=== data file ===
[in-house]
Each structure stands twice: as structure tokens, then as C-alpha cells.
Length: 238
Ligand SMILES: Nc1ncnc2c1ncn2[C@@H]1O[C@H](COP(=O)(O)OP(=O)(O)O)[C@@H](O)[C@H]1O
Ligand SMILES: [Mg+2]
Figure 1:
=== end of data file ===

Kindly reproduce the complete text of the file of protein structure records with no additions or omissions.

[in-house]
Each structure stands twice: as structure tokens, then as C-alpha cells.
Length: 238
Ligand SMILES: Nc1ncnc2c1ncn2[C@@H]1O[C@H](COP(=O)(O)OP(=O)(O)O)[C@@H](O)[C@H]1O
Ligand SMILES: [Mg+2]
Figure 1: